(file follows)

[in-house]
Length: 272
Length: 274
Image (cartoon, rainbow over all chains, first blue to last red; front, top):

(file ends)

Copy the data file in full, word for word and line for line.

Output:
[in-house]
Length: 272
Length: 274
Image (cartoon, rainbow over all chains, first blue to last red; front, top):